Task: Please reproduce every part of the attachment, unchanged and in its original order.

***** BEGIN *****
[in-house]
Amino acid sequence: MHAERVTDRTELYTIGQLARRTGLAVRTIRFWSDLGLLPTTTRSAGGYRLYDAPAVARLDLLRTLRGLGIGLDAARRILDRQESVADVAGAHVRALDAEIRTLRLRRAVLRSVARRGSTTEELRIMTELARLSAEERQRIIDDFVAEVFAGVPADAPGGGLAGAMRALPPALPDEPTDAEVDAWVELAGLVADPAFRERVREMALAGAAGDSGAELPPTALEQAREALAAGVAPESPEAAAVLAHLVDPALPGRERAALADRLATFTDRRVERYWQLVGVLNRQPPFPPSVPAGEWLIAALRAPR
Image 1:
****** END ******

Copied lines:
[in-house]
Amino acid sequence: MHAERVTDRTELYTIGQLARRTGLAVRTIRFWSDLGLLPTTTRSAGGYRLYDAPAVARLDLLRTLRGLGIGLDAARRILDRQESVADVAGAHVRALDAEIRTLRLRRAVLRSVARRGSTTEELRIMTELARLSAEERQRIIDDFVAEVFAGVPADAPGGGLAGAMRALPPALPDEPTDAEVDAWVELAGLVADPAFRERVREMALAGAAGDSGAELPPTALEQAREALAAGVAPESPEAAAVLAHLVDPALPGRERAALADRLATFTDRRVERYWQLVGVLNRQPPFPPSVPAGEWLIAALRAPR
Image 1: